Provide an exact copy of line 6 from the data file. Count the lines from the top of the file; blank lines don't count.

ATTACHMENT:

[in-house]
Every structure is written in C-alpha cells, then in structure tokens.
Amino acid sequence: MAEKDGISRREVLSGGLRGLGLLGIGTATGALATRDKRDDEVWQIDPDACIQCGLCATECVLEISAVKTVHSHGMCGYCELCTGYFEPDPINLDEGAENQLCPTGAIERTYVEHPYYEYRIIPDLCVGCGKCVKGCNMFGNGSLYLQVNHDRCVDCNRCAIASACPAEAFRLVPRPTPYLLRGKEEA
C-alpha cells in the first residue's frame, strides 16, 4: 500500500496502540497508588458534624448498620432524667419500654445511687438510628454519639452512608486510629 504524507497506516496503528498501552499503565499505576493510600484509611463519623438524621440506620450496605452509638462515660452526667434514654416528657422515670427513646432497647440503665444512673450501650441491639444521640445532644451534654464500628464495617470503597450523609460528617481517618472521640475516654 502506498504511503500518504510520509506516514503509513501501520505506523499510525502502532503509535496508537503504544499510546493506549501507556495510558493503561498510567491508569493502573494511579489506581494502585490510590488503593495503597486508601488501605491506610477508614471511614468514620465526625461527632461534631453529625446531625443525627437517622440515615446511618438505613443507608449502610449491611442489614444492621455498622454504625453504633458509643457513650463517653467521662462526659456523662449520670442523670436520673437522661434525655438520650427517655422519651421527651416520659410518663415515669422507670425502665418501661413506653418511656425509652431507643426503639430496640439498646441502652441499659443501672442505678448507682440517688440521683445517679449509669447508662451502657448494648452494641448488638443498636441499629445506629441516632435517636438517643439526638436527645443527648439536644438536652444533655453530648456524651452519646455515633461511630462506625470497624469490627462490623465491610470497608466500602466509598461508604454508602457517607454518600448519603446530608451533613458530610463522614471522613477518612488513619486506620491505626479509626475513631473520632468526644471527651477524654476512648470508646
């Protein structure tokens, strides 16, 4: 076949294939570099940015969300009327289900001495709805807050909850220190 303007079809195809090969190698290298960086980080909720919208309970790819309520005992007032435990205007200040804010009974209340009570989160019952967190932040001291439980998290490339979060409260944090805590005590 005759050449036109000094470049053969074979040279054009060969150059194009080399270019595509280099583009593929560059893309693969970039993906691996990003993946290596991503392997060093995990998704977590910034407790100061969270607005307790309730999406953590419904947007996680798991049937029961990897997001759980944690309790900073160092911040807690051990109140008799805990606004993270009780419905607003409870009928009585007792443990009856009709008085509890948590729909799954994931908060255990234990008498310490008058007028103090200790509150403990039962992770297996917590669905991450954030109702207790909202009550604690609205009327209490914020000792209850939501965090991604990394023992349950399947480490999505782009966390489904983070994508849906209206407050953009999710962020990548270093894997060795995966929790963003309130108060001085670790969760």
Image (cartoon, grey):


Image (cartoon, grey):